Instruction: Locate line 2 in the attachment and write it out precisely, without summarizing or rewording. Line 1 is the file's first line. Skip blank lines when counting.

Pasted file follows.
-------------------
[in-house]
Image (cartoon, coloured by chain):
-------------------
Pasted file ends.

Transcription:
Image (cartoon, coloured by chain):